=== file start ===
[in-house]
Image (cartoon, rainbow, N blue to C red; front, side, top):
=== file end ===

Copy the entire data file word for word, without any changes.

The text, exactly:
[in-house]
Image (cartoon, rainbow, N blue to C red; front, side, top):